He told me how they celebrated Christmas when he was a youngster, and I imagine it was somewhere between the Victorian decorations and Colonial mirth and jollity. They would start on Christmas Eve. “By then we had all the corn shucked and put in the corncrib. In the afternoon we went to get the Christmas tree, come back to decorate it. Go home to milk the cows, feed the chickens, and stuff, and come back down here, have supper and wait on ole Santa Claus. We stayed down here (Grandma’s house where he now lives) except for going home to take care of the livestock, until New Years Day. We went home that afternoon, a full week. That was what we had.” Indeed, they had a lot.
Dr. Brown showed me photos of his extended family making molasses with the mule turning the press. (Uncle Dewey lived a half mile up the road.) “Molasses-making time was a celebration. People would come around with fruit jars, wanting to get some molasses. Hog killing was a dirty job, but a celebration. Thrashing wheat, people would come in from all over, and they would go to their neighbors and help out. There were a lot of events we did at the farm that turned out to be a celebration, like shucking corn. People would come in at night, and we’d go into the barns, go up in the loft and shuck corn. The air would be full of ears of corn and shucks behind; you had to keep the shucks pushed back. And Christmas Eve, we had to crib all that corn; we’d just shove it in the barn.”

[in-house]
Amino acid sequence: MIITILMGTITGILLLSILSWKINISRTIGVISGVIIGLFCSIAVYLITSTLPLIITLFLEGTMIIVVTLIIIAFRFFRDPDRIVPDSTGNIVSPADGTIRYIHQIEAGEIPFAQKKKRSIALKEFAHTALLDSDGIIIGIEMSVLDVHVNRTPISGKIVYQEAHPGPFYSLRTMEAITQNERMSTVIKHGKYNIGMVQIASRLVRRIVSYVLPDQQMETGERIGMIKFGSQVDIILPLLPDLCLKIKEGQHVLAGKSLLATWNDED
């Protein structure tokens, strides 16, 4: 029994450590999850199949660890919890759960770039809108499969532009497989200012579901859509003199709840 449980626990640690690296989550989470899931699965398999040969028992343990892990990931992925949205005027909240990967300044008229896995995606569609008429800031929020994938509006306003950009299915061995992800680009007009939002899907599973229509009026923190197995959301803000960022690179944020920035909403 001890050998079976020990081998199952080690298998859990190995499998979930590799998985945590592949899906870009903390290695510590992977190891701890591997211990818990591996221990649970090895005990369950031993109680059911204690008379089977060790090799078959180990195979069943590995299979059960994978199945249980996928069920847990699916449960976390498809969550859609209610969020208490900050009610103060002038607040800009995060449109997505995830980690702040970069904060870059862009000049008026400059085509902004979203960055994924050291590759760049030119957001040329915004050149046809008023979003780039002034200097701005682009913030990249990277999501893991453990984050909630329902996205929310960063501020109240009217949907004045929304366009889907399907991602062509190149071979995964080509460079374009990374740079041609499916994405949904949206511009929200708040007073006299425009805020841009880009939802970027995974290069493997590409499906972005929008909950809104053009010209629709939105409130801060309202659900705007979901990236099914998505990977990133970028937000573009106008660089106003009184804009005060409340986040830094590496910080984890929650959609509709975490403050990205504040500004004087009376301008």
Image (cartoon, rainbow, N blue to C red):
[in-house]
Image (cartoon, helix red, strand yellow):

I mentioned that it was ironic that the Brown name stayed with the mill, not the Carson name, and I asked if some of the employees took on the Carson name as the slaves did long ago. Dr. Carson had a photo of a boy named Horace who worked as a field hand. “At that time, they gave all the field hands ten cents an hour and their dinner. In fact when I was growing up, they were still paying that in the 1930s. Money was hard to get in those days.” And the house didn’t have electricity or running water until after Dr. Brown bought it from his Aunt Bea in 1965.
“At ten cents a day, you got a dollar every day working for my grandfather. And he had several workers. When this guy was working down here on Granddad’s farm, he was Horace Brown. When he went up to work on grandmother English’s farm, he was Horace English. He took on both names. He slept upstairs here in this house in a bed at the upper end of the hallway toward the little portico up there. It was just a little 3/4 size bed but around Christmas time, all of the kids would fight over who got to sleep in the Horace bed.”
“In fact Uncle Dewey and his boy, Bill, during Christmas time would sleep in the Horace bed. And one Christmas, my Uncle Gene, the youngest boy in Granddad’s family was sleeping in a bed right up there. Home from WWII, Bill had gone a half a mile up the road to call on a girlfriend that evening after supper, so we started to go to bed, and Uncle Gene said, “Let’s fix him a trap.” So he got a string and tied it across the stairway. Then the other end of it was to an old dishpan hanging up on a shelf. I heard the door open, and creak, creak, creak coming in. It was dark and everyone asleep. All of a sudden, Bam, Bam, Bam. Uncle Gene raised up in bed and hollered. “Bill, is that you?” Cousin Bill continued up the stairs without pretense. Everyone was awake. Stomp, stomp, stomp. “We had a lot of fun.”
These are the Christmas memories that we share and the reason to get together with family, no matter the year, no matter the inconvenience. The closest ties of the heart are made at home, where you are all that you can be.
Copyright@2017 Georgia Wilson